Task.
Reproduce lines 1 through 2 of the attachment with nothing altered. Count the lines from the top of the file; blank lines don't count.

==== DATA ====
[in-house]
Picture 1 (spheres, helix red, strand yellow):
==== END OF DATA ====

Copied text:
[in-house]
Picture 1 (spheres, helix red, strand yellow):